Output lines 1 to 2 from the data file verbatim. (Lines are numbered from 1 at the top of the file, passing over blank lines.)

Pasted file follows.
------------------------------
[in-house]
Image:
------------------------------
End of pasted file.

[in-house]
Image: